Mom, Record This

My husband looks forward to getting the same thing for Christmas; a new calf record book/calendar. He gets anxious until he’s able to transfer his important information into it before the New Year starts.

A number of years ago, I started keeping a pocket calendar to write down ranch information in that I thought might need referencing later. My husband would ask me questions like how much seed we bought the year before, what we paid for it, if I remembered what day it was that we doctored a calf, bought a bull, or sold open cows, and I’d have to look it up for him. Finding it in my pocket calendar was quicker than digging through a drawer full of files for a particular invoice or retracing days in my head.

Several times, I had mentioned to my husband that he should start writing stuff down in a book of days, so he wouldn’t have to always ask me, but I worded my suggestion wrong. He assured me he wasn’t a writer and wasn’t going to keep a “diary.” He’d seen how much I filled up each day’s little square of my pocket calendar, and it was the equivalent of a girl’s diary to him. The only recording he did was jotting down calving dates and calf details in a thin, pocket-sized calf record book.

One December, his mom sent him the complimentary pocket-sized calf record book/weekly calendar her vet gave her; thinking he could get some use out of it. At first he stashed it in a drawer because he was used to the thinner, plain old calf record books that he used every year.

About the same time his mom sent the record book, my mom told him about a couple she knew who kept a daily log of their farm/ranch activities. Keeping track of all kinds of farm and ranch related information in a book came in handy for them, especially at tax time.

When March rolled around and calves were showing up, our son wanted his own calf record book to record cows’ calving dates. My husband went to the drawer where the red calf record book was and dug it out to give our son. My husband was rummy from lack of sleep and struggling to remember what day it was, what he’d done the past few days, and what still needed done, while thumbing through the red calf record book/calendar before giving it to our son. I left the room and came back to find my husband at the kitchen table copying down stuff in the red one his mom sent and our son with his dad’s basic calf record book in hand.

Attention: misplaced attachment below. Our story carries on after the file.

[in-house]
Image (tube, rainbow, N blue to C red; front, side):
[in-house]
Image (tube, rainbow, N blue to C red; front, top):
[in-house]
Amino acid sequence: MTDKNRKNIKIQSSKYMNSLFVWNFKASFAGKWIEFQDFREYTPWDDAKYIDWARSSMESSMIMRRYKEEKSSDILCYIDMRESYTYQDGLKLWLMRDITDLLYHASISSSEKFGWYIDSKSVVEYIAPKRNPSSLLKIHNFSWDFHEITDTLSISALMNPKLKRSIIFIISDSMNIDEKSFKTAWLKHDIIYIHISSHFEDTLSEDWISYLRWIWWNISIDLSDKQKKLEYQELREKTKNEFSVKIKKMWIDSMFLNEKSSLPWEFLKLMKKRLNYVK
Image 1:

The next time my mom visited, she noticed my husband jotting stuff down in the record book/pocket calendar. He told her how her advice was one of the best suggestions he ever got in helping him keep track and remember stuff.

Of course that really made me mad, because I didn’t get the credit for mentioning the exact same thing numerous times. That’s why if I want him to take my advice sooner, I just tell our moms.

This column was originally published December 28, 2008-January 3, 2009

3 responses to “Mom, Record This”

  1. Robyn Avatar

    J keeps a hard covered Journal to write ranch stuff in. Who he bought vaccine or seed from and the cost, cow count numbers, anything ranch related. He is very dedicated to keeping all this information and uses it regularly. I keep a planner and write down what goes on daily. It also comes in handy.

    At calving time I print off a month calendar page. We write how many pairs we take out everyday and keep a running total of how many pairs are in a specific pasture.

    It is great for the men to have a way to help them remember and stay organized.

  2. Lyndsey G. Avatar

    I stumbled across your site and this article was like reading a story from my own life. For two weeks now my husband has been impatient for Christmas to get here so he can get a new little red log book from the 5th generation rancher we love and work for. As a ranch wife, photographer I look forward to returning to your blog!

  3. Amy Avatar

    thanks Lyndsey for taking the time to read my blog! I will check out photography as well. One of the things I love the most about this lifestyle is the feeling of community among aggies no matter where we are. We may feel isolated at times but we’re never alone in our industry. Blessings to you!

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